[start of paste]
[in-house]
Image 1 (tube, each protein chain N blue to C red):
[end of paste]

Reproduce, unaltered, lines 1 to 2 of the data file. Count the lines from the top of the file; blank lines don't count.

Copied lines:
[in-house]
Image 1 (tube, each protein chain N blue to C red):